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The American Lighthouse  Foundation is a  Non-Profit 501(c)(3) Organization dedicated  to the preservation of America's historic lighthouses.

 

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Wave of Future Sweeps Over Maine’s Whaleback Lighthouse

 

By Bob Trapani, Jr.

 

 
 

Whaleback Lighthouse

has seen the future and

it shines and responds as well as ever to mariners seeking its guiding presence.

 

In October 2009 the

United States Coast

Guard completed an aids to navigation (ATON) upgrade to both the optic and foghorn systems that will ensure the 137-year old lighthouse remains

Storm seas are not the only waves to break over Whaleback Lighthouse

Photo by Jeremy D'Entremont   

Storm seas are not the only 'waves' to 

break over Whaleback Lighthouse

 
 

reliable, efficient and on the cutting edge of 21st century technology.

 

This ‘wave of the future’ makes Whaleback Light the first beacon in the state of Maine to be outfitted with a sound signal system that responds on cue when prompted by the mariner.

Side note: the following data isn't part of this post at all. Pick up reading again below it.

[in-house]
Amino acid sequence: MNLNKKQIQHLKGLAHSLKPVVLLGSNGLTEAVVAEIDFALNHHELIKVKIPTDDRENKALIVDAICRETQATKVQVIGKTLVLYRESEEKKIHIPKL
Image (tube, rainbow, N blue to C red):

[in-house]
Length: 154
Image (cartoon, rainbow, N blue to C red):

The irony of this user activated technology, a component of the new Coast Guard Short Range Aids to Navigation Strategic Plan, is one of complete role reversal when it comes to bygone lighthouse traditions where keepers once maintained a watchful eye over the waters for the mariner.

 

 
 

The radio activated sound signal system allow mariners to activate the foghorn at Whaleback only when necessary

Photo courtesy of U.S. Coast Guard    

The radio activated sound signal system

allows mariners to activate the foghorn at Whaleback only when necessary

One might say that mariners can now take matters into their own hands when thick weather adds an element of uncertainty to navigation in the age of automation.